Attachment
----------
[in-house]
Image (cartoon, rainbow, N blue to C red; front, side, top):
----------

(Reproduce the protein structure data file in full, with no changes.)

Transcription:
[in-house]
Image (cartoon, rainbow, N blue to C red; front, side, top):